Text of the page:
Wreath-making workshops
Barbara Ellis and U.S. Rep. Jahana Hayes (D-5) made wreaths at Great Mountain Forest on Dec. 2. 
Photo by Jennifer Almquist

Wreath-making workshops

Woodsmoke curling above the small, weathered barn and, within the faded green doors, the smell of fresh-cut pines and cider warming on the woodstove made a perfect setting for the annual wreath-making workshops at Great Mountain Forest (GMF) in Falls Village. 

For decades, folks have enjoyed creating their seasonal masterpieces using evergreens, berries, and pine cones gathered from the woods nearby.

On Saturday, Dec. 2, the first pair of workshops took place at the Mountain House Barn on Canaan Mountain Road under the expert guidance of GMF staff:  director of programs and operations Matt Gallagher and office manager Vicki Muni Nelson. [The second set of workshops took place Saturday, Dec. 9.] 

Participants in the wreath-making ranged from two women who learned about the workshops from a friend they met at Yellowstone to a local family with two young daughters, and to everyone’s delight, U.S. Rep. Jahana Hayes (D-5) and Barbara Ellis, her friend and campaign manager at Friends of Jahana Hayes, arrived ready to join the fun. 

Gallagher welcomed the 20 or so wreath makers and explained the names and origins of the various pine branches lying on the rough floor in great piles. A blaze of red winterberries in a large bucket stood next to baskets filled with pine cones gathered from various types of conifers that grow in the GMF. There were large bows of various ribbons: red, shiny gold, brocades, patterns of vintage trucks, burgundy velvet, and even some reindeer images. The staff had made educational signs with the specific names of the conifers and cones, listed with their Latin names.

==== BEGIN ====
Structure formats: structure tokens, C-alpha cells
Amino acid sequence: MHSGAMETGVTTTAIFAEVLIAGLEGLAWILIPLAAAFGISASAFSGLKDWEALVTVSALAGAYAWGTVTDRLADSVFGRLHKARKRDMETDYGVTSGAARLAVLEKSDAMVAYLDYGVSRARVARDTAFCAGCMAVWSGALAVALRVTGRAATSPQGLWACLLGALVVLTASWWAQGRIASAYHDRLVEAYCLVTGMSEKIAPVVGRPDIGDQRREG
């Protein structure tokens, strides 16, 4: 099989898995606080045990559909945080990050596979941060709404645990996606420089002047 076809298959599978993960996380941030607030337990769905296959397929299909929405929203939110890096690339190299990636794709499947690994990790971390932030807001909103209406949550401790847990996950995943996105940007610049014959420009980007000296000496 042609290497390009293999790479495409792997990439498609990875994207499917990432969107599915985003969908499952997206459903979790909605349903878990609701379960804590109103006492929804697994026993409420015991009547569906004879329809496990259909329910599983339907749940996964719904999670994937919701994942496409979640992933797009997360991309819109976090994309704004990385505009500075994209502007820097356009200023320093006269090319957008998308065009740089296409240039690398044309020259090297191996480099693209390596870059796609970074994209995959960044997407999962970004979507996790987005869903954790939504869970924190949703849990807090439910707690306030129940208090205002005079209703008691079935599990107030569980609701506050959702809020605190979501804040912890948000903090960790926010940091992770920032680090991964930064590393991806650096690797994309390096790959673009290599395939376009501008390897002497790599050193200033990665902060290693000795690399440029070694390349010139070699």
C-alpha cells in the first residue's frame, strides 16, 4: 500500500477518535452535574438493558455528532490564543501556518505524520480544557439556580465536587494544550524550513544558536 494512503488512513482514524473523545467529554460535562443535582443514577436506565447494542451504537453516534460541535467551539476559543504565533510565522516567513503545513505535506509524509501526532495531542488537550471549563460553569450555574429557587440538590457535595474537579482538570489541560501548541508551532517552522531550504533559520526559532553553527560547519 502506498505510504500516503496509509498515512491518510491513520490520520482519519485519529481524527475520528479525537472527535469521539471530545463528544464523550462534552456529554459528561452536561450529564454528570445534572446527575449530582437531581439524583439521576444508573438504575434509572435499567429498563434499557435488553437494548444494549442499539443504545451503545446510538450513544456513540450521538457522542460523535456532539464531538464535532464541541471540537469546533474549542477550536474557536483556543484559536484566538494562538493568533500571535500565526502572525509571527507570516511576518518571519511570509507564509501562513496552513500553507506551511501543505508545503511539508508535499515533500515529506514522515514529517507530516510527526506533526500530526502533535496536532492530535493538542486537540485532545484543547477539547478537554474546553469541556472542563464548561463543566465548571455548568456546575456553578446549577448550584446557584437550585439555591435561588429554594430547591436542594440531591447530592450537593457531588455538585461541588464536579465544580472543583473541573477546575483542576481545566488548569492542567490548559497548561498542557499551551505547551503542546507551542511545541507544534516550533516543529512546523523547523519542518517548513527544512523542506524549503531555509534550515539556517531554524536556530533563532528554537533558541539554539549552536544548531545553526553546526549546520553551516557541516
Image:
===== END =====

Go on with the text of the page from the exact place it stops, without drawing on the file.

Muni Nelson demonstrated the methods of wreath making, which involved metal rings, spools of green garland wire, wire cutters, hot glue guns for adhering the cones, and wired stakes for the bows. A patient teacher, Muni Nelson worked with each maker during the session. A father and mother said they were making some good family memories. After some guidance, the two girls set right to work making their own wreaths that they held up proudly at the end. 

Hayes said she was happy to spend time with her friend and, yes, have some personal time, which is in short supply. After another difficult vote in Congress the day before, Hayes felt respite in the barn working with her hands. She laughed as she twisted her greens with wire and created a festive bow: “You must know that I am very competitive, even with crafts!” Later, she wrote on her social media page: “I have found another CT-05 gem! Had a fabulous afternoon at Great Mountain Forest holiday wreath making workshop. Craft, laughs, and hot apple cider-a great way to get into the holiday spirit!” 

Norfolk artist Bevin Ramsey came with his petite mother, Maureen, who had traveled from Ottawa to spend time with her family and celebrate a granddaughter’s birthday. The joy between them was contagious. 

Each worktable was a flurry of activity. Ellen Walsh of Winchester Center showed off her steel-toed work boots as she tackled her huge wreath. 

Journalist Avice Meehan chatted with Hayes, both having recently attended former Gov. Weicker’s memorial service. Meehan had been his press secretary. Susannah Wood from Norfolk worked solo, while Norfolk tax collector Sarah Bruso shared her table with Martha Mullins. 

According to The New York Times in a Dec. 25, 1988,  article: “Ancient Pagan people, endowing trees with spirit, sheltered the branches of life-preserving evergreens through the frozen winter. Early Romans gave gifts of green branches at New Year’s, bestowing the wish for health and vigor upon family and friends. The evergreen wreath its circular shape an emblem of perfection, unity, and the enduring sun-later became a symbol for Christ’s suffering. Evergreens embody eternal life. . . today’s wreaths communicate a sense of joy and a desire for peace.”

As they joined in spirit with an ancient, symbolic and traditional craft, the Norfolk makers proudly hung their wreaths on the gray barn walls for the group to admire. One by one, the jolly revelers walked away through the surrounding meadow bearing their festive wreaths home to grace their doors and windows.

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